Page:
Review Article - Archives of Nursing and Care (2023) Volume 6, Issue 1
Family Health Care Nursing
Hanze University of Applied Sciences, Groningen the Netherlands
Hanze University of Applied Sciences, Groningen the Netherlands
Received: 02-Jan-2023, Manuscript No. OANC-23-86216; Editor assigned: 04-Jan-2023, PreQC No. OANC-23-86216 (PQ); Reviewed: 18-Jan-2023, QC No. OANC-23- 86216; Revised: 23-Jan-2023, Manuscript No. OANC-23-86216 (R); Published: 30-Jan-2023; DOI: 10.37532/oanc.2023.6(1).001-003
The family belief systems hypothesis put forth by Hohashi can be used to facilitate culturally appropriate family health care nursing. The theory of family belief systems, which was developed through family ethnographic studies and questionnaire surveys carried out in the United States, Japan, China, Indonesia, and the Philippines, explains (a) structurization of a system, based on the family members' beliefs as cognition criteria, in which family members' emotions, decisions/acts, and physical responses (including health problems) occur; and (b) the process by which family beliefs are formed from family members' beliefs. The nursing professional can entirely alter the purposeful choices or actions made by the family by identifying the mechanism of family belief systems and supporting the family's or family members' beliefs.
Concentric sphere family environment theory (CSFET), a middle-range family nursing theory that focuses on the family environment that influences the well-being of the family system unit and can be used in the practise of family health care nursing, was proposed by Hohashi in 2005 for the practise, research, and education of family health care nursing in regions of the world where families exist in a multicultural environment. The family care/caring theory, family belief systems theory, and others have also been suggested as real-world applications of the CSFET. These were created starting in 1999 by target families living in the United States, Japan, China, Indonesia, and the Philippines, and in particular, through family ethnography and questionnaire surveys between urban and rural areas of Japan, macrocultures in the US and Japan, as well as microcultures in single-parent and two-parent homes. They have been created to offer families and specific family members attention that is culturally appropriate [1-5].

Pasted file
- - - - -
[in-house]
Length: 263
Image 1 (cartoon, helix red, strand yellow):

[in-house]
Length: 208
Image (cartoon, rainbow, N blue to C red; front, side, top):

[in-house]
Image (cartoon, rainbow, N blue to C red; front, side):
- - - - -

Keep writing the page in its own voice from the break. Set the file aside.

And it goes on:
Transcultural family health care nursing (TCFN) has been developed in this way. "A knowledge system for practises of care/caring that touch on the family system unit from a cultural perspective," is how TCFN is defined. The CSFET defines culture as "the shared beliefs and values (implicit culture) that enable members of a group or organisation to adapt to their environment, and the patterns of behaviour (explicit culture) that are regulated by them." A culture rich in diversity is created as a result of the interaction/transaction between people's actions and the environment.
Family rules and beliefs are included in the functional questions used for family assessment in the CSFET (Version 3.0), which show how a family's beliefs affect its well-being. The FBST is a mid-range family nursing theory that sits between the CSFET and family care/caring, focused on the family/family member beliefs that govern the family system unit's purposeful decisions/acts [6-8].
The FBST is used in this article to explain (a) a system that bases family members' emotions, decisions/acts, and physical reactions (including health problems) on their beliefs as cognition criteria; and (b) the process by which family beliefs are formed from family members' beliefs by which intentional decisions/acts by the family are performed. It also presents evidence in support of family/family member beliefs, enabling the family to carry out deliberate activities (family decision making, family self-management, upkeep and enhancement of family wellbeing, etc.) with consensus and agreement. The FBST is intended to be improved upon and made more widely known as a fundamental theory for defining and comprehending family culture.
Encouragement of family and family members' beliefs using the FBST